Mark Clare's sound installation turns the noise of more than 20 half-tuned radios, speakers and transmitters into an oddly soothing symphony of bleeps, blips and static. This is art with a purpose. The show forms a delicately phrased apocalyptic message, drawing attention to the effects of human activity - global warming and climate change. Cobh, the last port of call for the Titanic, is an apt setting for Clare's thoughtful show, which seeks to chime a warning bell in a gallery perched on the edge of a rising ocean.
Christine Leech - Sunday Times Review
The ongoing rise in global average temperature near Earth's surface is causing climate patterns to change, altering numerous ecological events with potentially disastrous consequences for the planet. The current warming trend is of particular significance because most of it is very likely human-induced and proceeding at a rate that is unprecedented in the past 1,300 years. Most of the warming occurred in the past thirty-five years, with fifteen of the sixteen warmest years on record occurring since 2001. 2015 was the first year the global average temperatures were one degree Celsius or more above the 1880-1899 average. Scientific consensus is unanimous: if temperatures rise above two degrees the consequences will be irreversible.
If Not You is the title of an exhibition of new works by the artist Mark Clare at Sirius Arts Centre. Clare employs a variety of mediums, including animation, audio, sculpture and watercolour to produce works that reflect upon issues such as the illegal trading of charcoal in Somalia or the carving of giant icebergs from Antartica. He has collaborated with a variety of specialists to produce a body of work that alludes to the fragile balance between industrial society and our natural environment. The work is framed in ecological terms but is rooted in complex issues relating to science, policy-making, and economics.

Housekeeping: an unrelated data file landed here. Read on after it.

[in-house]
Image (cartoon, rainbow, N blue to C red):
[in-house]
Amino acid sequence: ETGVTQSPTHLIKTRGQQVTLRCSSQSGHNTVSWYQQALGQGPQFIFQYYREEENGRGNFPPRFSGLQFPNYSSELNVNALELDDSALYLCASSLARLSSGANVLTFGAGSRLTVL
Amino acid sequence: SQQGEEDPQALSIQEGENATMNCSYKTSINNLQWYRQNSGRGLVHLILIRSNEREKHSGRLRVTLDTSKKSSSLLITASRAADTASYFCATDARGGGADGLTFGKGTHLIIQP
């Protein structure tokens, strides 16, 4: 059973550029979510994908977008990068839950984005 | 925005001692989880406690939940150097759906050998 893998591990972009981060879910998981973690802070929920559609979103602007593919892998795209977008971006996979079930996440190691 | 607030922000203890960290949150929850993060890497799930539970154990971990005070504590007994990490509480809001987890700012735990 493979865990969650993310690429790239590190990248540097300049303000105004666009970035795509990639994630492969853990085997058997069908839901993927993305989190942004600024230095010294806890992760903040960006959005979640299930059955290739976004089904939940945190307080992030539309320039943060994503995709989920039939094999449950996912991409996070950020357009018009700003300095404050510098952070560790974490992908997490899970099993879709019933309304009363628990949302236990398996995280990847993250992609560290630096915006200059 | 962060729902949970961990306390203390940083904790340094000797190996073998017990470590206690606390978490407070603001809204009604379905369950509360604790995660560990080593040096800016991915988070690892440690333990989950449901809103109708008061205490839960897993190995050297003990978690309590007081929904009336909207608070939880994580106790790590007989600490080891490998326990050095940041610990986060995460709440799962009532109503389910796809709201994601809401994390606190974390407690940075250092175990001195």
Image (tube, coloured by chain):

IF NOT YOU - Radios, transmitters, aluminum, electric cables, nuts and bolts 2017 -
A Live Gallery recording can be heard at - https://youtu.be/Jnq6lBfNIHw
Talking about the climate is how we talk about nothing and everything at once. Today, in the face of anthropogenic climate change, we confront increasingly chaotic weather and the disruption of seasonal patterns as a consequence of rising global mean temperature. What is philosophically, ethically, and morally at stake if we continue on this course? How can we make the invisible visible? How do we visualise a catastrophe?
IF NOT YOU is a visceral audio-installation, that highlights natural events, invisible to the naked eye, but essential for the ecological equilibrium of our environment. One such event is the aerial transport of fine dust along an atmospheric conveyor belt that reaches from the Sahara to South America. This dust, consisting of finely ground algae produced during the Holocene period, is carried on winds across the Atlantic as far as the Amazon basin. Its rich nutrient content replenishes those nutrients that have been leached away from the basin through tropical rains. Another is the story of Phytoplankton. Phytoplankton are micro-algae and largely unicellular photosynthetic organisms. They move through and live in the illuminated zones of earths waters and are responsible for up to 40% of the oxygen in the atmosphere. Populations produce gasses that seed clouds, sequestering fresh carbon, which fertilises soil and feed the life within oceans. This community has provided a base within the earth's self-supporting system, exerting biochemical influences on the atmosphere, hydrosphere and lithosphere. Their constantly ephemeral contribution to the resilience of our habitable ecosystem is fundamental.
Stories, like these, have been translated into Morse code, using a program available on the internet. This program allows for the Morse code to translated at various tempos and tones. These translations are used as the foundation for the audio composition that is edited and mixed to create a number of multilayered audio compositions that "speak" to one another. These compositions are transmitted as live broadcasts, using digital radio transmitters, to numerous radios, tuned to a selection of FM frequencies and placed on a modular construction, to produce a symphony of bleeps, blips, and static. The modular aspect of the construction allows for the installation to be re-configured specifically to whichever space it is presented.
Each encounter is unique due to live interference from individuals as they move through space, as well as climatic interference on the day.
This artwork is framed in ecological terms but is rooted in complex issues relating to science, policy-making, and economics. It transcends physical space, infiltrating the ether to create an ephemeral experience of imagined space and accentuates the urgent need for action to define a future. It cannot occur in a vacuum. Its purpose is to invite as wide an audience as possible to participate in this most crucial conversation.
Photographs by Brian Mac Domhnaill, John Downes and Kevin Leong